During my final year in Las Vegas, I was drawn out of the classroom and served as our the School Improvement Coordinator. We made some significant changes for the better, but in the end, there were too many factors outside of our control which doomed the school and students to mediocrity at best. (maybe I’ll go into more detail in another post).

My wife and I were unhappy with our jobs and longing for a change of scenery. We were both able to find employment in Chicago, which is where my family is from, and moved here during the summer of 2013.

“Finding employment” doesn’t exactly give justice to where I am now. I had the opportunity to be a founder of a new school on Chicago’s South Side with one of the most prestigious charter school networks in the entire country. So, for the past two years, I have served as the 9th grade Civics/Reading (non-fiction) instructor at Baker College Prep.

Baker is really an awesome place. In my mind, it represents what quality education should look like in urban districts and in the two years that we’ve been open, we’ve had tremendous success. As a 9th grade team, we saw the top growth on a Pre-/Post-test in the entire network despite our students starting the school year with some of the lowest scores in the network. We’ve been able to create students that love to learn while maintaining a warm-but-strict culture. Just as our staff works their butts off to make a difference on Chicago’s South Side, we want our students to be able to go out and do the same.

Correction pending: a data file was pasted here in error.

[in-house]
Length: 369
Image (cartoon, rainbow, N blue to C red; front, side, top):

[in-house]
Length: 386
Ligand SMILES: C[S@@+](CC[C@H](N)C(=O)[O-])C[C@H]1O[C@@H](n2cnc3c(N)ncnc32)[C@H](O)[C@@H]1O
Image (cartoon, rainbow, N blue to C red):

Our school is named after Ella Baker,  a civil rights activist. In our mission, we seek to create “change agents” out of our students that will go out and make “multi-generational” differences in their worlds. At the end of their 9th grade year, our students complete a “Be the Change” project where they identify a  problem in their community, research its causes, then develop and present a plan about how they, as an active citizen, can solve it. Check out this link for an article detailing the event:

Outside of my school life (yes, teachers can and should have personal lives), I am an avid Cubs and Marquette basketball fan, enjoy spending as much time as possible outdoors with my wife and our dog Riley, and enjoy a fine craft beer.

With that, I hope that this post has shed some light on who I am and where I’ve been as a teacher. I’m looking forward to sharing more of my thoughts and stories with you in the near future.